Alaska Science Forum

September 2, 1998

 


Alaska's Size in Perspective
Article #1404

by Carl Benson


This column is provided as a public service by the Geophysical Institute, University of Alaska Fairbanks, in cooperation with the UAF research community. Carl Benson is a professor emeritus of geology and geophysics at the Institute.


Alaska has lots of land. To put things in perspective, the accompanying graph compares Alaska's area with areas of the U.S. remote states.

State Size DiagramAlaska is more than twice the size of the largest of the lower 48 states, and the amount of Alaska underlain by permafrost is equal to the size of three Californias. Ten states are smaller than the area covered by glaciers in Alaska. If glaciers of the adjacent Yukon Territory and British Columbia that connect to Alaska's ice fields (often referred to as the Alaska-Yukon glaciers) are added, thirteen states are smaller than the area covered by glaciers.

The area of Alaska owned by private individuals and Native corporations is about the same size as the area of Michigan; 27 states are smaller than that. Much of Alaska is owned and managed by the federal government, which purchased Alaska from Russia in 1867 for $4.74 per square kilometer.

The U.S. Forest Service manages an area in Alaska about the size of South Carolina and Alaska has more national parks and preserves than all the other states combined. Alaska's national parks and preserves cover an area about the size of Kansas. The area managed by the U.S Fish and Wildlife Service is slightly larger than Arizona, and the Alaska state government and the U.S. Bureau of Land Management (BLM) both have chunks of land about the size of New Mexico.

Alaska's volcanoes along the Alaska Peninsula and the Aleutian Islands stretch roughly the distance from Tulsa, Oklahoma, to San Francisco. This does not count those in the Wrangell Mountains and on the west side of Cook Inlet. Forty three of Alaska's volcanoes have erupted since 1767, when people started keeping written records.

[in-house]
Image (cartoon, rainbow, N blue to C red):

Alaska's treeless North Slope, the area north of the Brooks Range, has average annual temperatures in the range of 10 degrees Celsius below zero and continuous permafrost up to 600 meters thick. The area of the North Slope is about 200,000 square kilometers, roughly the size of Nebraska. Alaska's 19,000 square kilometers of lakes occupy more space than all of the Hawaiian Islands.

Because most of Alaska lies north of 60°N, altitudes in excess of 2000 meters above sea level (about 6500 feet) are fairly inhospitable. Alaska has about 34,000 square kilometers above this altitude, a chunk of land larger than Maryland. Nine states have smaller areas than this high-altitude part of Alaska.

Alaska's enormous size carries enormous responsibilities for the state government. Alaska sprawls across four time zones (even though three of these have been politically combined into one). It covers 57.5 degrees of longitude, which equals the span of land from Maine to Washington. North to south, Alaska extends through 20 degrees of latitude, from 51 to 71 degrees, which equals the span of land from a latitude south of London, England, to within nineteen degrees of the North Pole. In addition, the coastline of Alaska exceeds the combined coastlines of all the other states in the U.S., including Hawaii.

Most Alaskan villages are reached only by air or water transportation. To maintain government infrastructure through such a vast region is a major challenge for any state government.

Incidentally, the $4.74 per square kilometer paid by the U.S. to Russia is by far the best bargain of any land purchase deal in U.S. history; the Louisiana Purchase from France in 1803 was 1.4 times larger in area, and cost $7.00 per square kilometer. All the other purchases were far more expensive than these massive acquisitions.



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